Arkansas’ attorney general told a state judge on Friday he plans to appeal a decision that struck down a new voter ID law, while a civil liberties group said it will move forward with a separate challenge to the requirement. Attorney General Dustin McDaniel’s office filed a notice of appeal over Pulaski County Judge Tim Fox’s ruling a day earlier that voided a new law requiring voters to show photo identification before casting a ballot. McDaniel is appealing the case to the Arkansas Supreme Court. Fox had issued the ruling in a case that focused on how absentee ballots are handled under the new law. A spokesman for McDaniel’s office and the chairman of the state Republican Party both said they planned to ask the court to stay Fox’s ruling. The GOP had been given permission to help defend the state in the absentee ballot case, and has filed a separate notice of appeal. The state’s primary is May 20, and early voting for that election begins May 5.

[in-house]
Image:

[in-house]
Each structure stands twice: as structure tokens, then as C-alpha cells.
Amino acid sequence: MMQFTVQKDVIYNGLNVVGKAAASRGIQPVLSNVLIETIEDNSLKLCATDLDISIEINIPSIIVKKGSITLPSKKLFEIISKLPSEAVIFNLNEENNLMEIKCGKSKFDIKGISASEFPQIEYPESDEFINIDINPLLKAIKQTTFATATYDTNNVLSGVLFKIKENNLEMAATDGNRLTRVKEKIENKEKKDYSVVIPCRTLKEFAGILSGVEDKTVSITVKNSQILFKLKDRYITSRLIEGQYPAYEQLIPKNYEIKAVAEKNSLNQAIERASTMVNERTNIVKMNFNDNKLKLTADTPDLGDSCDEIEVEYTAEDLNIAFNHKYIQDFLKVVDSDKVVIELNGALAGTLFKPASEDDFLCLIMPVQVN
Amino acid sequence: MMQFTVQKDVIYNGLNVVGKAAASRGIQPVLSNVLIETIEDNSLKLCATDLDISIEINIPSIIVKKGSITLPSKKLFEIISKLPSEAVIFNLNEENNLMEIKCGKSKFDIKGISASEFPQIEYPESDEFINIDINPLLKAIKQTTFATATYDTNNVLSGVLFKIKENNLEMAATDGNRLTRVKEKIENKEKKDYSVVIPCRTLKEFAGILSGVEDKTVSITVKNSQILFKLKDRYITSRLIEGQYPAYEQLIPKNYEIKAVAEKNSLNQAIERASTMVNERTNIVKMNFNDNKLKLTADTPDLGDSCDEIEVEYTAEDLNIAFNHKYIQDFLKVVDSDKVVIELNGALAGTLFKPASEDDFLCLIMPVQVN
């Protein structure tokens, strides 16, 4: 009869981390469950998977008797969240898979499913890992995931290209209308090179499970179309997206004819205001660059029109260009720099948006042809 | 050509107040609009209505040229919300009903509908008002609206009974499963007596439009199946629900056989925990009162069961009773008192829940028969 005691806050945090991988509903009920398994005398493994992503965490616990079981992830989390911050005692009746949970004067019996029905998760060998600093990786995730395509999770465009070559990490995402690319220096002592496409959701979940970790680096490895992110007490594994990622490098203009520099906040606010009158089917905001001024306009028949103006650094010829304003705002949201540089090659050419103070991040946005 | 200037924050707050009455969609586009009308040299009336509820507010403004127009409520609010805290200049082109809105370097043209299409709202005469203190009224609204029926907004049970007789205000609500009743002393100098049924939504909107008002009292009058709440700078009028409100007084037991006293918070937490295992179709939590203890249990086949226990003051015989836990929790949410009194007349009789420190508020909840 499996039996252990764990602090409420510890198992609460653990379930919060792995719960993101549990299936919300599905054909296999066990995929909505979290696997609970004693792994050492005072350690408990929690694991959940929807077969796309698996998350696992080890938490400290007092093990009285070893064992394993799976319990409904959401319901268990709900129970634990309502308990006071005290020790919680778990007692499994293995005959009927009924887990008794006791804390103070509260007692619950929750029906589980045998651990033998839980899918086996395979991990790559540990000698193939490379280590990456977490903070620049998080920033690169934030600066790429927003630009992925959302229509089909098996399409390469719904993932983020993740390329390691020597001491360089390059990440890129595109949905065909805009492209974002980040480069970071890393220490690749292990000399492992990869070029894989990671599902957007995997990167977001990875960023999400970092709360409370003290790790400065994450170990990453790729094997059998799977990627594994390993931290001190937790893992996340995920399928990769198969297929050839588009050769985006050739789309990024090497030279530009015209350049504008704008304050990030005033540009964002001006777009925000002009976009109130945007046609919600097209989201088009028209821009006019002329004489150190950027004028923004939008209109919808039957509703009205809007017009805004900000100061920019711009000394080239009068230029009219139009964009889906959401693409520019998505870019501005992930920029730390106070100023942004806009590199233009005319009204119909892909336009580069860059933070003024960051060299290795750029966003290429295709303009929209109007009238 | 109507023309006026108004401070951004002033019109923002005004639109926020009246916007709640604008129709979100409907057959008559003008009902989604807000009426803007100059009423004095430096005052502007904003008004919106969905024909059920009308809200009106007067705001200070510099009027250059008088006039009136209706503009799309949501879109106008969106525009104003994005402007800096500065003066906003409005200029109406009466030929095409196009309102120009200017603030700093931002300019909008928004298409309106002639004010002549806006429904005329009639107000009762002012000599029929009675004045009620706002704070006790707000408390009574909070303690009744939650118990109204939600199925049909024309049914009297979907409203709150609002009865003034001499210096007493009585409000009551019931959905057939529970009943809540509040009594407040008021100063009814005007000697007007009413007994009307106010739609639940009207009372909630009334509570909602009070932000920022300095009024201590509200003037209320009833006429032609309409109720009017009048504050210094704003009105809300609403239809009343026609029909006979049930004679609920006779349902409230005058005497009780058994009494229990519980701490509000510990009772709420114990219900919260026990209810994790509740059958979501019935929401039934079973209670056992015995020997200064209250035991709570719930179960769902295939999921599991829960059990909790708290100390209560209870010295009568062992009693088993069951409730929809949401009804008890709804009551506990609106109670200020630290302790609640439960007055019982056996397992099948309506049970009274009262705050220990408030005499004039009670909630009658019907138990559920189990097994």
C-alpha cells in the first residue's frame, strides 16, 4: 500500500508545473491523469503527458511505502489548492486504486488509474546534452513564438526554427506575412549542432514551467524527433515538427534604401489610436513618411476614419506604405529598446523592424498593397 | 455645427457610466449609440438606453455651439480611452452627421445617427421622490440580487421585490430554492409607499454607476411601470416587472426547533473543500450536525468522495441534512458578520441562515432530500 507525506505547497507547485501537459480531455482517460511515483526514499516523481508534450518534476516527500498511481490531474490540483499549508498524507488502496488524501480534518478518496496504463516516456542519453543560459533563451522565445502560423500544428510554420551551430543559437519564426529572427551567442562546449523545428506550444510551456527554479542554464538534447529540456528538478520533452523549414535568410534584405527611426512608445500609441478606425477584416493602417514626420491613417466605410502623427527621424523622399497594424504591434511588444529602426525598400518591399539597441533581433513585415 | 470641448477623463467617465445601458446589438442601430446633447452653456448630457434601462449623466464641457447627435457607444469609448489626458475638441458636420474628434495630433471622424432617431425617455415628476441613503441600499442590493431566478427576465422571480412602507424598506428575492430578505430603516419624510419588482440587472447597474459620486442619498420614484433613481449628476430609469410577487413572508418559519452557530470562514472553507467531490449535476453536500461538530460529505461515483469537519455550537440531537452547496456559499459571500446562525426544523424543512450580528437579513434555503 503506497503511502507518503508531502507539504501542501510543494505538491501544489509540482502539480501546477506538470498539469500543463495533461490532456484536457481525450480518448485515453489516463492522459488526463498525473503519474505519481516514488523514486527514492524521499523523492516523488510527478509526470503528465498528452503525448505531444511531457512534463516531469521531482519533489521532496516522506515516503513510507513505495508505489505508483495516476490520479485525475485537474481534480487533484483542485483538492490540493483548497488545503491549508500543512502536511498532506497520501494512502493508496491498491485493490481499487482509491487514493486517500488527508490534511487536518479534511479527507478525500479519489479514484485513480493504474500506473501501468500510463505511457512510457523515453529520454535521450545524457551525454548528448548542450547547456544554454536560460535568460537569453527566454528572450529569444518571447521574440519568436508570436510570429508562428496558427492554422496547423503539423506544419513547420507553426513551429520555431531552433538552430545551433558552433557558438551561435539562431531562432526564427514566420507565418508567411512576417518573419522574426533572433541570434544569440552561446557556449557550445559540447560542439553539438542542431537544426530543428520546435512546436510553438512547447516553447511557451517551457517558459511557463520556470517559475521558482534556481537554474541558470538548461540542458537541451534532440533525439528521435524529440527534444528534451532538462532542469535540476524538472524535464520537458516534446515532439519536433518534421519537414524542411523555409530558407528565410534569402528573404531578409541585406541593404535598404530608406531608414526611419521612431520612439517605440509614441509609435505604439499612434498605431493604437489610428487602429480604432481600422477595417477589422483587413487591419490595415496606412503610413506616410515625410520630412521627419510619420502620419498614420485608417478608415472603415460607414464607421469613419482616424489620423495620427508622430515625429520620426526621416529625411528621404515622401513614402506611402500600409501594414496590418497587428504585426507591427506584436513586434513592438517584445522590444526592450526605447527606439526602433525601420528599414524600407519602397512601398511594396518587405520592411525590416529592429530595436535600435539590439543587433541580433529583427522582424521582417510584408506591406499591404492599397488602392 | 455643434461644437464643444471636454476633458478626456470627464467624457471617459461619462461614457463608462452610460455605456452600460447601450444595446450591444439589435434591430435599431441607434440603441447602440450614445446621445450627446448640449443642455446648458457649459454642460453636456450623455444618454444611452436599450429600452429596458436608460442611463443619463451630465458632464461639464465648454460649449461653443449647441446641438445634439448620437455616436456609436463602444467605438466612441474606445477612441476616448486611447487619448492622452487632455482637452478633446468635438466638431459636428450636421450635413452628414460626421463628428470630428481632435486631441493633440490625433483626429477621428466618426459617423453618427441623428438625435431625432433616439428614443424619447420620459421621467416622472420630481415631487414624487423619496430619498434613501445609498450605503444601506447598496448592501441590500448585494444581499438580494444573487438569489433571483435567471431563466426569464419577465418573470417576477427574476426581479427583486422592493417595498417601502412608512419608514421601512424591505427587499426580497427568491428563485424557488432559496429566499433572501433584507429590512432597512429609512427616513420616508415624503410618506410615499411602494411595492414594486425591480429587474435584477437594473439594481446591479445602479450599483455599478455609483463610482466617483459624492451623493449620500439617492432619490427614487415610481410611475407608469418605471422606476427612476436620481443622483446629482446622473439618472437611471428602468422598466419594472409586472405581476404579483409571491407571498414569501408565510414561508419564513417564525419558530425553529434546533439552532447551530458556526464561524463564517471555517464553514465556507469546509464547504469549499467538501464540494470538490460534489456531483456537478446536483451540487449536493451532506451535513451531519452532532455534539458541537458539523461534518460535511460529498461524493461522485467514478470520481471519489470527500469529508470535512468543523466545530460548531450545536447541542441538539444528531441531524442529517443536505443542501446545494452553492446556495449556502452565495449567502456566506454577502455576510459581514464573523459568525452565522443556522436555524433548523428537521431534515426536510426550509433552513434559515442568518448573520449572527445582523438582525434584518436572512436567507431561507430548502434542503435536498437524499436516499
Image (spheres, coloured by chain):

“Certainly this order leads to confusion as early voting does start,” state GOP Chairman Doyle Webb said. “That’s the reason why we think it would be appropriate for a stay, because if the Supreme Court does overturn — and we expect the Supreme Court to overturn— this order, then what about the effectiveness of the act in this particular election?”
The Republican-led Legislature approved the law last year, overriding a veto by Democratic Gov. Mike Beebe with a simple majority vote in the House and Senate. Backers of the measure said it was aimed at reducing voter fraud, while opponents said it would disenfranchise voters.
The American Civil Liberties Union of Arkansas, meanwhile, said it would move forward with a separate lawsuit challenging the voter ID law’s constitutionality. Fox is also the judge in that case and is scheduled to hold a hearing in that case May 2.